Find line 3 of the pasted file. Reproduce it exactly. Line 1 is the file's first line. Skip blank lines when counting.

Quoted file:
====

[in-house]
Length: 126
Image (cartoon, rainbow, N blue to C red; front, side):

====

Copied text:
Image (cartoon, rainbow, N blue to C red; front, side):